Abstract 2363: The Usefulness of Serum Hepcidin Measurement in Chronic Heart Failure
Objectives: Anemia is associated with poor prognosis in patients with chronic heart failure (CHF). Some previous and ongoing trials try to evaluate the effects of iron supplementation to CHF patients with anemia. Hepcidin is a peptide synthesized mainly in the liver, and its active form hepcidin-25 internalizes the iron exporter ferroportin to suppress iron absorption in the duodenum and iron transport in the reticuculoendothelial cells. Hepcidin is down-regulated by hypoxia, anemia, and erythropoietin (EPO), and up-regulated in chronic inflammation. Subjects are judged to need iron supplementation when both serum hepcidin-25 and ferritin concentration are relatively low (hepcidin-25 < 10 ng/ml, ferritin < 100 ng/ml). We attempted to explore the incidence of the patients that require iron supplementation among those with CHF by determining serum hepcidin-25 and ferritin concentration.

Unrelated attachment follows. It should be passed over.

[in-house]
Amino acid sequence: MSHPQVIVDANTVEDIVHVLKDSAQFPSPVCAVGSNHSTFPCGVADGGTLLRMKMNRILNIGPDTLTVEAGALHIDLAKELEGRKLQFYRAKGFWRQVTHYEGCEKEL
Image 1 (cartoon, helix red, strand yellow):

Methods: We studied 60 CHF patients who were admitted to our hospital with acute decompensation. There were 26 females, ranging in age from 28 to 92 years (mean 70). They were not administered with EPO and/or iron for treatment of anemia. Hemoglobin (Hb), serum hepcidin-25 (measured by LC-MS/MS), EPO, and ferritin concentration were measured on admission and at discharge. A group of 20 patients without HF were recruited as the control group.
Results: On admission, serum concentration of hepcidin-25 was lower in CHF patients than in controls (10.8 ± 1.7 vs. 17.2 ± 2.6 ng/ml). After treatment, serum hepcidin-25 concentration increased (17.7 ± 2.2 vs. 10.8 ± 1.7 ng/ml), Hb increased (12.5 ± 0.3 vs. 12.2 ± 0.3 g/dl), and EPO decreased (29 ± 4 vs. 73 ± 9 mU/ml) in HF patients. Hepcidin-25 correlated negatively with EPO and positively with ferritin and Hb on admission and at discharge. Among HF patients with anemia (Hb< 12 g/dl in women and < 13 g/dl in men), 79% on admission and 53% at discharge were judged to need iron supplementation (hepcidin-25 < 10 ng/ml, ferritin < 100 ng/ml).
Conclusions: More than half of CHF patients with anemia were under latent iron deficiency. Hypoxia induced by HF may increase EPO, stimulate erythropoiesis, increase iron requirement, and decrease serum hepcidin concentration. Iron supplementation may be beneficial in such patients.